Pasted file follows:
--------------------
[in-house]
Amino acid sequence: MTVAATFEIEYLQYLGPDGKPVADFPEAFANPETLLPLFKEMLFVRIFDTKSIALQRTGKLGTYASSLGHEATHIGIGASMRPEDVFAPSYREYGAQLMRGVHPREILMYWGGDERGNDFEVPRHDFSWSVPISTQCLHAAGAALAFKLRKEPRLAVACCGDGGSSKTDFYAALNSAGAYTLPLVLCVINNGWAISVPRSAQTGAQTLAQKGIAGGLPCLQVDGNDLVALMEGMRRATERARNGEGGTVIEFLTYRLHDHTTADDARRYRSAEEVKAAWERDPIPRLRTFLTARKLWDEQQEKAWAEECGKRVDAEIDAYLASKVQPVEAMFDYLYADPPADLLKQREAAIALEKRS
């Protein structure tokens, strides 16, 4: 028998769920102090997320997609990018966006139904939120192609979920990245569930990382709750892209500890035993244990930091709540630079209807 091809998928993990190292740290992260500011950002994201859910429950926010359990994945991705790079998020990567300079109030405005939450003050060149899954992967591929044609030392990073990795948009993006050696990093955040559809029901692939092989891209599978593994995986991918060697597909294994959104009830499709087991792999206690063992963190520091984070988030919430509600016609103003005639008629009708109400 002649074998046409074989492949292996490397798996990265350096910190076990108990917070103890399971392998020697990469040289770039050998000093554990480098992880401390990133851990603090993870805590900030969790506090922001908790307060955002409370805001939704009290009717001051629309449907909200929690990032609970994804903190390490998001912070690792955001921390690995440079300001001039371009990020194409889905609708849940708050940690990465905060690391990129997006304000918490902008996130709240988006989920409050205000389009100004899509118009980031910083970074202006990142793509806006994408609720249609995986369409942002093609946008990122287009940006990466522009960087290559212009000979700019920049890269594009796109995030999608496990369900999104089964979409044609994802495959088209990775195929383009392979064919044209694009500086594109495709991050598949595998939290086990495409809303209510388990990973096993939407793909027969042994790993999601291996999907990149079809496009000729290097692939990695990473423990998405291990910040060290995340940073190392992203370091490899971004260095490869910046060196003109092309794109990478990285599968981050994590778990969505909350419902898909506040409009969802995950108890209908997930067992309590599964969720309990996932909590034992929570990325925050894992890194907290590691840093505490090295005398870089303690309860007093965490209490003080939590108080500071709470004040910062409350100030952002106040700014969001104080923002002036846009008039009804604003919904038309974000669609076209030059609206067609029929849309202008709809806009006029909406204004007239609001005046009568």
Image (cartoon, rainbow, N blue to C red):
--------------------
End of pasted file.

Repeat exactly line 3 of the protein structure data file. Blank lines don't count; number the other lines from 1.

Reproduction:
């Protein structure tokens, strides 16, 4: 028998769920102090997320997609990018966006139904939120192609979920990245569930990382709750892209500890035993244990930091709540630079209807 091809998928993990190292740290992260500011950002994201859910429950926010359990994945991705790079998020990567300079109030405005939450003050060149899954992967591929044609030392990073990795948009993006050696990093955040559809029901692939092989891209599978593994995986991918060697597909294994959104009830499709087991792999206690063992963190520091984070988030919430509600016609103003005639008629009708109400 002649074998046409074989492949292996490397798996990265350096910190076990108990917070103890399971392998020697990469040289770039050998000093554990480098992880401390990133851990603090993870805590900030969790506090922001908790307060955002409370805001939704009290009717001051629309449907909200929690990032609970994804903190390490998001912070690792955001921390690995440079300001001039371009990020194409889905609708849940708050940690990465905060690391990129997006304000918490902008996130709240988006989920409050205000389009100004899509118009980031910083970074202006990142793509806006994408609720249609995986369409942002093609946008990122287009940006990466522009960087290559212009000979700019920049890269594009796109995030999608496990369900999104089964979409044609994802495959088209990775195929383009392979064919044209694009500086594109495709991050598949595998939290086990495409809303209510388990990973096993939407793909027969042994790993999601291996999907990149079809496009000729290097692939990695990473423990998405291990910040060290995340940073190392992203370091490899971004260095490869910046060196003109092309794109990478990285599968981050994590778990969505909350419902898909506040409009969802995950108890209908997930067992309590599964969720309990996932909590034992929570990325925050894992890194907290590691840093505490090295005398870089303690309860007093965490209490003080939590108080500071709470004040910062409350100030952002106040700014969001104080923002002036846009008039009804604003919904038309974000669609076209030059609206067609029929849309202008709809806009006029909406204004007239609001005046009568």